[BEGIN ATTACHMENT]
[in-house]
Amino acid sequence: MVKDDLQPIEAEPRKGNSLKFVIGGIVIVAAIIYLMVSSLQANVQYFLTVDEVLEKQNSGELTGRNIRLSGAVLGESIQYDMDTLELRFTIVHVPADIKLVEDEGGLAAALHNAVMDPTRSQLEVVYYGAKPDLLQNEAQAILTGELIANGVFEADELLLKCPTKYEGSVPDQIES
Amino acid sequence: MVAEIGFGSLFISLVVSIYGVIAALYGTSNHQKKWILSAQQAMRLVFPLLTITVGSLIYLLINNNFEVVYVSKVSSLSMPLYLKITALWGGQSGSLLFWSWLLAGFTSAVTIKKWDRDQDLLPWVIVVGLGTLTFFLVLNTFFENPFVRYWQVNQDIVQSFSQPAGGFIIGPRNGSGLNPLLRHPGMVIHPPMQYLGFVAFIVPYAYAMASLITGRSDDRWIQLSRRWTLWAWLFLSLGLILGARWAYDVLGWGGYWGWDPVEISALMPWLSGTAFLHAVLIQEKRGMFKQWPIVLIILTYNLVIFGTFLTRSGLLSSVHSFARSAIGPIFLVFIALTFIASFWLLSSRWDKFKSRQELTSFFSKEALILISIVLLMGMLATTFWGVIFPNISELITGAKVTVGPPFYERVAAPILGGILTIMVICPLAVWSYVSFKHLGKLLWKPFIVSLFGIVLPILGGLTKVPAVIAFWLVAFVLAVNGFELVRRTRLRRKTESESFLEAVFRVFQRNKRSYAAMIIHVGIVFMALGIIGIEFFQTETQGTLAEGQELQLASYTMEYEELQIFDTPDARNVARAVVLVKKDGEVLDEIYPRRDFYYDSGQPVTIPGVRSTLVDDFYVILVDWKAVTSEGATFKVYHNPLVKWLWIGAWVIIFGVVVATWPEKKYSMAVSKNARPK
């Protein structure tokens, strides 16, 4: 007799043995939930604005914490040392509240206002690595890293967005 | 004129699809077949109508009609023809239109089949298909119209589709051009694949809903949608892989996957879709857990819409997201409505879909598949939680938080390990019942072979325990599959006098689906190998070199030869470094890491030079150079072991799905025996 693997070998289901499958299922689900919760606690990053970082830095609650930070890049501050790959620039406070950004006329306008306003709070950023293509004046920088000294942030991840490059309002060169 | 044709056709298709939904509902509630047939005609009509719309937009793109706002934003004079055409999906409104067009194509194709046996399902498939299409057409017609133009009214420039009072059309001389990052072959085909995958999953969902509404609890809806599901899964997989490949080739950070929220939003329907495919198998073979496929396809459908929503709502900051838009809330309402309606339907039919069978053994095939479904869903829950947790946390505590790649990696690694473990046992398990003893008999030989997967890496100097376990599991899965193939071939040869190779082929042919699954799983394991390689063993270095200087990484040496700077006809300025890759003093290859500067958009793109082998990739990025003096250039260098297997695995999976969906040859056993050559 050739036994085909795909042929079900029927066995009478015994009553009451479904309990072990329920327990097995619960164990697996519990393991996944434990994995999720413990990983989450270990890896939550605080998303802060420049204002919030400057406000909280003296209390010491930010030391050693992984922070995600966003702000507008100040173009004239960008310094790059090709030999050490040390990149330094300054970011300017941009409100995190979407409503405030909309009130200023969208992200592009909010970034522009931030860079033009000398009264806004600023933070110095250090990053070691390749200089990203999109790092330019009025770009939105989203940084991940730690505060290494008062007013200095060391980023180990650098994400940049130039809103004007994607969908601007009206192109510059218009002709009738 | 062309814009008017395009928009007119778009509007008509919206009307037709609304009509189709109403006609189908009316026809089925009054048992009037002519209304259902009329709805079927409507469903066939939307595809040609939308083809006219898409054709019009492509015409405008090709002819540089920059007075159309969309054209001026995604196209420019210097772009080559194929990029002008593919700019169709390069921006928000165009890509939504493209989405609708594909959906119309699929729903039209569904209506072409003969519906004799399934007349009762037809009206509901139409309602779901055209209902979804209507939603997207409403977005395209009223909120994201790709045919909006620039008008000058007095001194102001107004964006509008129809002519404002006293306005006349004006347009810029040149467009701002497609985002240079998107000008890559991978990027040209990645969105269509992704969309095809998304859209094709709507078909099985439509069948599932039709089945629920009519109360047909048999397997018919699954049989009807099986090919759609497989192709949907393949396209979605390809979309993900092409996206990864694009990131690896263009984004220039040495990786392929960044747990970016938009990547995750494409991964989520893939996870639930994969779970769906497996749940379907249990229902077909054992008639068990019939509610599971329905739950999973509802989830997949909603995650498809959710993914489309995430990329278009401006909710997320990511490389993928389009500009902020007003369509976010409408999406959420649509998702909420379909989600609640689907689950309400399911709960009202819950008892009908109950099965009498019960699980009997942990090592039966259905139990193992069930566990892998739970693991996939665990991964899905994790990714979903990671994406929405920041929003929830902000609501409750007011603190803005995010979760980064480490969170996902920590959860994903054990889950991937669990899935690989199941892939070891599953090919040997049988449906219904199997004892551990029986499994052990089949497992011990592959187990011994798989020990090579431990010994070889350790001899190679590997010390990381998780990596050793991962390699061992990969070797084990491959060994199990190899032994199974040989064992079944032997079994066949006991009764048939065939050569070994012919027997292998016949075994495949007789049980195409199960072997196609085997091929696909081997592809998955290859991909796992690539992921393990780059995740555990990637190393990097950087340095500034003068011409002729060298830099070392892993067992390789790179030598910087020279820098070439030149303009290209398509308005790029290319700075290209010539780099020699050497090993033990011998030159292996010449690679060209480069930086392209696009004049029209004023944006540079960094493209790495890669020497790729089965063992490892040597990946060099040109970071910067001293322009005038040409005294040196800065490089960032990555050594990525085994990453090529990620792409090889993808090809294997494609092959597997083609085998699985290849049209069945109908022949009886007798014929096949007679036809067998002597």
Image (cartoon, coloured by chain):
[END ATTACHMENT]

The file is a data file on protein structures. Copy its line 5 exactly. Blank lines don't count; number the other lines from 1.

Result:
Image (cartoon, coloured by chain):